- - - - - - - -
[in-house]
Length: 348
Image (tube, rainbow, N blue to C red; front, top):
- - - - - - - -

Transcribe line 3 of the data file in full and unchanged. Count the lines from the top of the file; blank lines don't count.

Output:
Image (tube, rainbow, N blue to C red; front, top):